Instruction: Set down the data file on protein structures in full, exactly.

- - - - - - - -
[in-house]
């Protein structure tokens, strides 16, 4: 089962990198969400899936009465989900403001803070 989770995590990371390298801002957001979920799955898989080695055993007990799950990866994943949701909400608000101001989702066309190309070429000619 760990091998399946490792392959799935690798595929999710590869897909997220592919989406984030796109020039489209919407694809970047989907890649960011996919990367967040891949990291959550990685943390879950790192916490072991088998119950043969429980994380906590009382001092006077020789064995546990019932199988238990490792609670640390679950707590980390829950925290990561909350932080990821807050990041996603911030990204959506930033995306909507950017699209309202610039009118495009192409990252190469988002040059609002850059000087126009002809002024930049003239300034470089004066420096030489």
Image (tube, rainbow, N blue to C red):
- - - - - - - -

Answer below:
[in-house]
């Protein structure tokens, strides 16, 4: 089962990198969400899936009465989900403001803070 989770995590990371390298801002957001979920799955898989080695055993007990799950990866994943949701909400608000101001989702066309190309070429000619 760990091998399946490792392959799935690798595929999710590869897909997220592919989406984030796109020039489209919407694809970047989907890649960011996919990367967040891949990291959550990685943390879950790192916490072991088998119950043969429980994380906590009382001092006077020789064995546990019932199988238990490792609670640390679950707590980390829950925290990561909350932080990821807050990041996603911030990204959506930033995306909507950017699209309202610039009118495009192409990252190469988002040059609002850059000087126009002809002024930049003239300034470089004066420096030489």
Image (tube, rainbow, N blue to C red):